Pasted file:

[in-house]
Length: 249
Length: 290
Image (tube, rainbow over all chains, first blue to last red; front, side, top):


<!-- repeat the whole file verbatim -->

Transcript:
[in-house]
Length: 249
Length: 290
Image (tube, rainbow over all chains, first blue to last red; front, side, top):